I don’t have a id card to get me in the building for my internship yet. For at least a week more I have to get buzzed in to enter the office. To complicate matters not everyone works there every day. I have to buzz multiple people (Many who I hardly know yet. I worry if I say my name and ask to be let in they’ll be confused about who I am.) to find one who is there who can let me in. I’ve been working to avoid this by showing up during the morning at peak arrival hours so I can follow someone else in. It’s in a nice neighborhood and I’m sure I could find fun places to eat during my lunch break, but I’ve not been leaving the building for lunch because I don’t want to be re-buzzed in.

I returned to therapy Tuesday with S.M. He got a new office. I was taken by surprise when, after making the appointment to meet with him again, I learned that his new office has a buzzer. It hadn’t occurred to me that he could have become a buzzer person in the past year.
It amazes me that even with the amount I worry, situations still manage to come up that I hadn’t foreseen.
I stressed a lot about the buzzer. It ended up being the least bad buzzer I’ve encountered. Don’t get me wrong, it’s still a buzzer (Wait and see, I’ll turn the word buzzer into an offensive adjective) but I’ve seen much worse. This one was interesting in that I pressed a button to scroll to his name (first one on the list) and then pressed the call button. I like that I only have to see one name at a time and that his is the first. Less worry there about buzzing the wrong person. Other worries are still there but cutting out one problem helped. It also helps that this is my favorite therapist and I appear to have come down with a bad case of idealization. If he were a new therapist with the same buzzer I might be more critical.

Today at the end of my appointment I walked out of his office, through the waiting room, outside the waiting room to the elevator. My therapist followed shortly behind me and said “Here let me show you something” and then showed me the code I can use to get into the waiting room. No more need for a buzzer. Leaving me puzzled about why he did this.
-Did he remember that I have trouble with buzzers? I only mentioned it once to him, briefly(On the phone during a time I wasn’t even meeting with him and just wanted records). I’ve been assuming he forgot about it. I hadn’t talked about my stress over his buzzer, because I didn’t want to be rude. I’m sure he didn’t choose for the office to be designed with a buzzer. Did he offer it without me asking because he knew I wouldn’t ask?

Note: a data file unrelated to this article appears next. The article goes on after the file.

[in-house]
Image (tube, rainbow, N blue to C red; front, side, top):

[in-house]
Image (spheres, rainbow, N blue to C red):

-Does he tell the code to all his patients? If so why didn’t he just tell me it on the phone when I made the appointment. Why wait till after the second session? And why after I already left his office?
-Can he tell if I’ve just used the code? and if so maybe it’s a sneaky way to see if I show up earlier when I don’t need him to buzz me in. I won’t fall into that trap:P 10 minute rule still applies.
-Maybe he thinks he’ll run a little late some day and then without the buzzer I can let myself in even if he’s not there yet.

I guess it’s a sign he’s not worried about me breaking into the waiting room or something. :P
I’m going to think of it as that he remembered my trouble with buzzers and view it as a nice gesture. Perhaps I’ll get an explanation about it at my next appointment. Probably not though. And I doubt I’ll ask. Maybe I will. Or maybe not. He’d probably tell me if I asked, but that would require actually asking.

Outgoing Introvert

The other day one of my professors described me as ‘outgoing’.

I consider myself very introverted. On the surface the two terms might seem contradictory, but I think together they describe me accurately; despite Definr listing ‘outgoing’ as a synonym of ‘extroverted’.

I view being introverted as having a lower need/threshold for social interaction than extroverts. It is a separate trait from social skills, being socially anxious or talkative.

I can understand why my professor would think of me as outgoing. I talk a lot in class. Probably to the point where it’s annoying to classmates. In the moment I don’t appear anxious. I beat myself up after about everything I said awkwardly when I get home, but in class all is good. I am smiley, bubbly and engaging.

What she doesn’t know is that the talking I do in class is the majority of the social interaction I have in an average day. Most people consider class to be disruptive to their social life, for me it is my highlight.

I like to think that I give the impression of having a lot of close friends, that all the acquaintances I interact with think I have many close friends; I just happen to not be as close with them in particular. I think I succeed fairly well at this. I am on good superficial terms with a lot of people, it gives the impression of greater friendships than I really have.